Compass and straightedge
|This article/section deals with mathematical concepts appropriate for a student in early high school.|
Compass and straightedge constructions played an important role in the history of mathematics. Some constructions accomplished by the ancients led to developments in abstract mathematics. Significantly, problems that the ancients couldn't solve by these methods led to even more revolutionary developments in abstract mathematics.
To appreciate the significance of these constructions, it is important to realize that the ancients thought of mathematics in terms of geometric figures rather than the numbers, equations, and abstract things that we use today. These geometric constructions may be considered amusements today, but they were once the lifeblood of mathematics. The transition from thinking in terms of geometry to thinking in terms of numbers, formulas, and sets, happened very slowly, and wasn't really complete until the 19th century.
Rules of the game
You are given an abstract drawing surface (piece of parchment, clay tablet, patch of dirt, whatever), a writing implement (pencil, stylus, finger), a straightedge, and a compass.
- The straightedge is just a ruler with no markings. You can't measure; you can only draw straight lines.
- The compass can draw a circle through a given point, but, unlike modern compasses, it can't "remember" its radius from one circle to another. Once it is lifted off the paper, it "goes limp" and collapses.
The straightedge could be described as "infinitely long". A better description would be "as long as you need it to be", or "a construction will never fail because the straightedge wasn't long enough." The compass is similar—it can draw circles of any size.
The things you are allowed to do are
- Given any two points (you can recognize a point as the place where two lines—straight or circular—intersect), you can place the straightedge against them and draw a line passing through both.
- Given any two points, you can place the point of the compass on one of them, adjust it so that the pencil touches the other, and draw a circle. That circle will be centered on one and pass through the other.
The ancients (the Greeks were most famous for this) were able to do a remarkable amount of mathematics through reasoning about these geometric figures. Euclid's book The Elements is regarded as the best presentation of classical geometry. The methods of reasoning described by Euclid are widely used even today to teach logical reasoning and the principles of axioms, theorems, and proofs.
The mathematical "operations" that the ancient Greeks could do with these constructions include what we would now, in our number-centric world, would call addition, subtraction, multiplication, division, and square roots. They could also solve problems of proportion, bisect arbitrary angles, find areas of a many shapes, and construct some, but not all, regular polygons.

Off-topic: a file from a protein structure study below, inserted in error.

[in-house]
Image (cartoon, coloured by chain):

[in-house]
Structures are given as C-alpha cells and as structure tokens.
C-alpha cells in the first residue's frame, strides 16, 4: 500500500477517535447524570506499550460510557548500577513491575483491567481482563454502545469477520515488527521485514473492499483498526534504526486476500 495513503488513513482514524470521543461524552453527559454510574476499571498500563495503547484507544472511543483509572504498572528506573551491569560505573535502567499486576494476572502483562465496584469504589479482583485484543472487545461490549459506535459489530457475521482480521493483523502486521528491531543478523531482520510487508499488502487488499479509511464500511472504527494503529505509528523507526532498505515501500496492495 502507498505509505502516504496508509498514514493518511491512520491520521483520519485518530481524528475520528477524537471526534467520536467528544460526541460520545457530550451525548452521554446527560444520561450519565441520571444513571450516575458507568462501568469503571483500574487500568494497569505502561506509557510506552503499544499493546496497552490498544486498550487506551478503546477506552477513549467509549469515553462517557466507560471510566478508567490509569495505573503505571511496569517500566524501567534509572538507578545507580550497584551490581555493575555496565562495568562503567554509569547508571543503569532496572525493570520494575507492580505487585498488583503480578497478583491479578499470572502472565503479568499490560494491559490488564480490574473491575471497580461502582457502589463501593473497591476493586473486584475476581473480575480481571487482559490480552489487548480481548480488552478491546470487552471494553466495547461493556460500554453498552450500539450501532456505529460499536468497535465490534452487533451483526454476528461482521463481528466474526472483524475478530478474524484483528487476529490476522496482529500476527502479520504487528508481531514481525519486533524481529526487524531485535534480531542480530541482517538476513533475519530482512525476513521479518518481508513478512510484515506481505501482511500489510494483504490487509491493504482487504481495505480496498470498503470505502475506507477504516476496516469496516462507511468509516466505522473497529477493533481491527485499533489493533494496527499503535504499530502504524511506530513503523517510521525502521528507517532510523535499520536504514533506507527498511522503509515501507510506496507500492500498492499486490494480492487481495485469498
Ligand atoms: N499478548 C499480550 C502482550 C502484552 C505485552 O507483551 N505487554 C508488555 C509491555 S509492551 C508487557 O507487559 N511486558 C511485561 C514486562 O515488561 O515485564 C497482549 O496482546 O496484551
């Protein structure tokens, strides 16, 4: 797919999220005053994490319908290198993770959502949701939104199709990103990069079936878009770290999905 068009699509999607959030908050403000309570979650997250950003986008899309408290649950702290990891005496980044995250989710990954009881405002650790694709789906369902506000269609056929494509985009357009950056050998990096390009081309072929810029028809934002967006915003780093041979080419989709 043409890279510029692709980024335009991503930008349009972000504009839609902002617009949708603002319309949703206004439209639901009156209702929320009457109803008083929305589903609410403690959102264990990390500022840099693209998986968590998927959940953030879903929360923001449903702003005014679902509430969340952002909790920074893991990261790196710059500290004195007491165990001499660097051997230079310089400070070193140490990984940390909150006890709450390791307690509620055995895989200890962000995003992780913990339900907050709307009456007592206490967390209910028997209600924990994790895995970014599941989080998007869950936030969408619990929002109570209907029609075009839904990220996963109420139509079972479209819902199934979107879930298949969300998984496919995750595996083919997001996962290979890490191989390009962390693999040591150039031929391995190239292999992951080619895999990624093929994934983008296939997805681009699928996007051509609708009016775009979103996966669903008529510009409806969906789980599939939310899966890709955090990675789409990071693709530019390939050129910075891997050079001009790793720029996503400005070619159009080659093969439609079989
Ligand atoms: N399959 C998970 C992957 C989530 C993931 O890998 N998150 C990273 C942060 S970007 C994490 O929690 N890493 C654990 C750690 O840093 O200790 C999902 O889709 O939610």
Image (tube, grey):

In modern times, compass-and-straightedge constructions were rediscovered by Euler, who resurrected them from the pages of Euclid's Elements and found that their simple geometric truths were a pleasant diversion from the calculus wars then raging between the Newtonian British and the Leibnizian German mathematical communities. In the twentieth century, compass-and-straightedge methods have become a popular form of recreational mathematics, and the technique is taught as a one-week unit in many middle school math classes.
The classical unsolved problems
There were three very famous geometrical problems that they couldn't solve. Listed by their popular names, they are:
- "Squaring the circle"—Given a circle, construct a straight line whose length is equal to the circle's circumference. Equivalently, construct a square with the same area. Equivalently, given a square (or rectangle), construct a circle with the same area or the same perimeter. This can be seen to be the problem of constructing the ratio .
- "Duplicating the cube"—Given the length of the side of a cube, construct the length of the side of a cube with twice the volume. This can be seen to be the problem of constructing the cube root of 2.
- "Trisecting an angle"—Given an arbitrary angle, divide it into 3 equal angles. Some angles (e.g. 90 degrees) are easy to trisect, but the problem is to do it for any angle. The ancient Greeks could bisect arbitrary angles (hence divide them by 4, 8, 16, ...) but could not trisect them. Pythagoras himself was said to have remarked that trisecting the angle was the hardest thing he had ever attempted. This problem is equivalent to solving cubic equations.
|This article/section deals with mathematical concepts appropriate for a student in mid to late high school.|
It wasn't until nearly two thousand years later that mathematicians proved that the problems are in fact impossible. It can be shown that any quantity that can be constructed by compass and straightedge must be a number that is algebraic and has a minimal polynomial which is a power of 2. Pi is transcendental, so it is not the root of any polynomial at all. Duplicating the cube requires the solution to the equation x3 - 2 = 0, which is cubic. Trisecting angles also requires cubic equations.